Alabama Rule of Civil Procedure 59.1 states that if the judge makes no ruling on a post-judgment motion to alter, amend, or vacate within 90 days of its filing, the motion is deemed denied by operation of law (allowing an appeal). Each time the moton is amended, the 90 days starts again. So exactly what does it take to constitute an amendment? That’s the question the Alabama Court of Civil Appeals faced in Roden v. Roden, Case No. 2040796 (Ala. Civ. App. February 3, 2006).
The trial court divorced the parties on January 14, 2005. On February 4, both parties filed postjudgment motions pursuant to Rule 59(a). Then on February 8, the husband filed a motion that precisely duplicated his February 4 motion except that its margins were different. On May 6, 2005 (91 days after the first motions but 87 days after the husband’s second motion), after a hearing, the trial court purported to amend the divorce judgment. The wife appealed. Did the trial court have jurisdiction to change the divorce judgment?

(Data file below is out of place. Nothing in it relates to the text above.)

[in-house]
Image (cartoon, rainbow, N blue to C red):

The appeals court said no. It said that the husband’s second motion neither changed the grounds for the relief he requested nor asked for different relief. “Quite simply, the husband’s February 8, 2005, motion is an exact substantive duplicate of his February 4, 2005, motion.”
The appeals court quoted Merrill Lynch, Pierce, Fenner & Smith, Inc. v. Cobb, 717 So. 2d 355, 356 (Ala. 1998): [It would be] “improper for a court to circumvent the Rules of Procedure in an attempt to artificially renew the period in which a party may appeal.”
The appeals court said that, because the trial court’s order was entered more than 90 days after the husband and wife filed their postjudgment motions, and because the husband’s second motion failed to extend the period, the trial court’s order purporting to amend its January 14 judgment was void and would not support an appeal. It therefore dismissed the wife’s appeal and ordered the trial court to vacate its May 6, 2005 order.